Highly complex procedures such as coronary artery bypass grafting (CABG) and coronary angioplasties may have a positive impact by reducing mortality. In 1996, a total of 1,673 CABG and 1,411 coronary angioplasties were recorded in city residents, and in 2003 these figures increased to 2,236 CABG and 3,504 angioplasties, thus representing an increment by 34% and 148% for each procedure, respectively20,21.

In relation to gender distribution, the data available between 2000 and 2004 showed that 3,509 coronary angioplasties were performed in the male population in the two-year period of 2000-2001, increasing to 4,817 in the two-year period of 2003-2004, thus corresponding to a 37% increase between the two periods. The number of CABG in 2002 was 195, reaching 1,422 in 2003-2004, that is, an increase by 630%20,21.

In the female population, the number of coronary angioplasties in 2000-2001 was 1,776 and 1,870 in 2003-2004, representing an increase by 5.3%. In 2002, 95 CABG were performed, reaching 776 in the two-year period of 2003-2004, therefore an increase by 717%20,21.

In 1998, a total of 38,130 hospital admissions were paid by SUS for the group of diseases of the circulatory system, going to 62,993 in 2007. Acute and chronic ischemic heart diseases corresponded to 8,938 and 15,363 hospitalizations in the same years, respectively. Strokes accounted for 1970 hospitalizations in 1998, reaching 6,020 in 200720,21.

The analysis of the periods of 1996-1998 and 2003-2005 revealed a total of 6,713 hospitalizations for acute myocardial infarction in 1996 to 1998, reaching 16,636 in 2003 to 2005, that is, an increase by 148%. Hospitalizations for unstable angina went from 7,089 in the first period to 11,379 in the second, thus an increase by 60%, whereas hospitalizations for stroke increased from 13,076 to 19,331 (an increase by 48%)20,21.

Reduction in IHD mortality was more significant among men aged 70 years and older in comparison to other age ranges and to women of the same age range. A study on early mortality in Brazil in the 1980's17 showed that approximately 50% of the male deaths for IHD occurred before 65 years of age, reflecting the phenomenon that most of the Brazilian population belonged to this age range, which consequently concentrated a greater proportion of deaths. Based on the findings of the present study, we should point out the importance of investigating the factors related to the differences in the reduction of IHD mortality observed by gender among long-lived individuals, although several studies have shown that IHD mortality rates have been higher in the male gender in all age ranges17-19.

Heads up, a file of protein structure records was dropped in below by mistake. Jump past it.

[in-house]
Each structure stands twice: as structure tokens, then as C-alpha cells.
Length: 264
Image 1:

Elderly individuals aged 70 years and over had much higher mortality coefficients in both genders, and also lower reduction in mortality for the causes analyzed (except for IHD among men). These results should be carefully interpreted, since a very broad age range was used, without including, for instance, the very elderly (85 years and older). Thus, there may have been differences by age and gender that were not detected in the group of 70 years and over.

We should underscore that the oldest individuals present aging-related morphologic changes, which play an important role in the occurrence of CVD22. Systemic hypertension, which is the most prevalent non-communicable condition in this population, is also an important risk factor for cardiovascular diseases22.

The population-based cohort study on health, well-being and aging – SABE23, conducted in the city of Sao Paulo, showed that hypertension was the most frequent disease among people aged 60 years and older in the year of 2000 (56.3% in women, and 49.1% in men). Additionally, approximately 15% of the women and 26.5% of the men were not using antihypertensive medication.

The analysis of mortality in elderly people has peculiarities in relation to other age groups, since the major risk factor is still the age itself. The heterogeneity of the elderly population is also an important component of this process24,25. Among the factors that influence this heterogeneity, other than anatomical and functional changes, polypharmacy can be mentioned which contributes to increased toxicity and interaction between certain drug compounds, as well as variables related to the lifestyle and social support24. Contextual variables depend on a complex interaction between individuals and the environment, and vary according to the different social and cultural patterns25.